Antoinette M. Tease Montana Patent
Patent License Agreement Term Sheet Questionnaire

To assist our clients in negotiating patent license agreements, we have developed a patent license agreement term sheet questionnaire. This questionnaire was originally intended to provide inventors (or potential licensors) with a framework for their discussions with potential licensees, but the questionnaire may also serve as a reference for potential licensees. This questionnaire may not be reproduced without permission and is reproduced in its entirety below:

First, make sure you are talking about a license and not an assignment. With a license, you retain ownership of your patent rights and give the other party permission to make, use or sell your invention for a period of time. With an assignment, you are transferring ownership of your patent rights.

1. Is the license exclusive or nonexclusive?

2. What is the territory?

3. If the territory covers more than one country, will the obligation to pay royalties apply only to sales in those countries where the licensor has either an issued patent or a pending patent application? (This is not usually an issue the licensor raises.)

4. What products are covered by the license? Is the license only for certain markets?

5. What is the term of the agreement? Will the obligation to pay royalties be tied to the term of the patent? (Ordinarily the answer is yes, but the term of the agreement can be shorter than the term of the patent.)

6. Do you want the agreement to renew automatically unless either side gives notice of non-renewal? If so, what is the renewal term?

7. If the license is an exclusive one, what performance standards do you want to impose on the licensee? These standards may include minimum sales, minimum royalties, or a "best efforts" clause.

8. What happens if the licensee does not meet these standards? Do you want the ability to terminate the license altogether or, if the license is exclusive, convert it to a nonexclusive license?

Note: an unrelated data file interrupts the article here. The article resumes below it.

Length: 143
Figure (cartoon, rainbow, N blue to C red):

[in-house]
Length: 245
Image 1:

9. How will royalty payments be structured? Will there be an up-front lump sum payment? If so, will that payment be in addition to royalties or an advance on royalties? Will the royalty percentage be based on gross or net sales? If net, how will you define net sales? What will the percentage be? Do you want a tiered royalty rate where the percentage changes with increased sales?

10. How often will royalties be paid–monthly, quarterly or annually?

11. Do you want to include audit rights? If the licensee is found to have underpaid the licensor by a certain percentage, ordinarily the licensee will have to reimburse the licensor for the costs of the audit. What should that percentage be?

12. If the license is exclusive, and if the patent application is still pending, who will be responsible for prosecuting the patent application–the licensor or the licensee? What rights, if any, will the other party have with respect to prosecution (for example, the right to provide input, be informed of status, etc.)?

13. If the license is exclusive, who will be responsible for paying maintenance fees–the licensor or the licensee?

14. If the license is exclusive, who will have primary responsibility for enforcing the patent–the licensor or the licensee? How will any proceeds (from judgment or settlement) be split between the parties? (Proceeds are usually split after the party enforcing the patent is reimbursed for costs and expenses.)

Although there may be additional issues that arise in the context of patent licensing negotiations, we find that if the licensor and licensee can come to terms on the above issues, the process of preparing the license agreement is greatly facilitated.

Patent Law for the New West
The information in this newsletter is provided for informational purposes only and should not be considered legal advice. Please consult a qualified attorney for advice on a specific legal matter.

© 2006 Antoinette M. Tease, P.L.L.C. All Rights Reserved.
 
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